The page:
BRUSSELS (Reuters) - Europeans and Americans largely oppose their governments spying on their citizens and those of allied countries, a poll found on Tuesday, reflecting widespread disquiet at eavesdropping disclosed by former U.S. intelligence operative Edward Snowden.
Opposition to government surveillance of private phone and internet data was strongest in Germany, where Snowden's allegations have caused uproar and damaged relations between Berlin and the United States.
Seventy percent of Germans said their government would not be justified in collecting German citizens' phone and internet data to protect national security, according to the poll by the German Marshall Fund of the United States, a U.S. thinktank that promotes cooperation between North America and Europe.
Twenty-five percent of Germans disagreed.
Germans were even more hostile to governments collecting the telephone and internet data of people from allied countries, with 72 percent opposed and 20 percent in favor.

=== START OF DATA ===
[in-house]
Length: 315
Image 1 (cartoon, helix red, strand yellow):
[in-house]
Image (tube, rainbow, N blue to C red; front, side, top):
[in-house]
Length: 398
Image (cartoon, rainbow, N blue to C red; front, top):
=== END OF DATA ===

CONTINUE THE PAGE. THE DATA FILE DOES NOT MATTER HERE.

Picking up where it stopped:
About 1,000 people were polled in each country in early September.
That was before fresh European outrage erupted last month over allegations published by Britain's Guardian newspaper that the United States monitored the phone conversations of 35 world leaders.
Germany summoned the U.S. ambassador for the first time in living memory in October over suspicions that Washington bugged Chancellor Angela Merkel's phone.
Last week, Germany called in the British ambassador over documents leaked by Snowden showing that Britain's surveillance agency was operating a covert listening station close to Merkel's office.
In the United States, 54 percent of people opposed government surveillance of Americans but U.S. views on spying on allied citizens were more ambivalent, with 44 percent opposed and 33 percent saying it was justified.
In Britain, whose GCHQ eavesdropping agency is alleged to have cooperated closely with the U.S. National Security Agency, 44 percent said government surveillance of British citizens on national security grounds was unjustified compared to 33 percent who said it was justified.
Forty-three percent of Britons thought government surveillance of allied citizens was unjustified while 30 percent believed it to be justified.
(Reporting by Adrian Croft; editing by Ralph Boulton)
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